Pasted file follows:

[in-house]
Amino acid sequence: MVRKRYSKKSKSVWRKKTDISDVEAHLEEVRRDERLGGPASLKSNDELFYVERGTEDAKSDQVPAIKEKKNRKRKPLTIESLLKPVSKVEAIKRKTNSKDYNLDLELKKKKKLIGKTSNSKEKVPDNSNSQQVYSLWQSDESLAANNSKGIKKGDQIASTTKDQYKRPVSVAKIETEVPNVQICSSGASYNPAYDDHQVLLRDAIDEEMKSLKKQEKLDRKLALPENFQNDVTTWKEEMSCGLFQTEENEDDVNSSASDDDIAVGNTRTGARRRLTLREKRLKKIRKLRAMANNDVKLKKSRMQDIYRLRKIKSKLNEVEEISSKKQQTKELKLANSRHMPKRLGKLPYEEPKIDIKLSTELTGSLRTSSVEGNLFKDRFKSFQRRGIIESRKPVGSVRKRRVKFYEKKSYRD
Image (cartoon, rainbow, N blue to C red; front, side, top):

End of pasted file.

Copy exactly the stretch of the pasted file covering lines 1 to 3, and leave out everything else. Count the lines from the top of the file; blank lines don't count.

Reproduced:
[in-house]
Amino acid sequence: MVRKRYSKKSKSVWRKKTDISDVEAHLEEVRRDERLGGPASLKSNDELFYVERGTEDAKSDQVPAIKEKKNRKRKPLTIESLLKPVSKVEAIKRKTNSKDYNLDLELKKKKKLIGKTSNSKEKVPDNSNSQQVYSLWQSDESLAANNSKGIKKGDQIASTTKDQYKRPVSVAKIETEVPNVQICSSGASYNPAYDDHQVLLRDAIDEEMKSLKKQEKLDRKLALPENFQNDVTTWKEEMSCGLFQTEENEDDVNSSASDDDIAVGNTRTGARRRLTLREKRLKKIRKLRAMANNDVKLKKSRMQDIYRLRKIKSKLNEVEEISSKKQQTKELKLANSRHMPKRLGKLPYEEPKIDIKLSTELTGSLRTSSVEGNLFKDRFKSFQRRGIIESRKPVGSVRKRRVKFYEKKSYRD
Image (cartoon, rainbow, N blue to C red; front, side, top):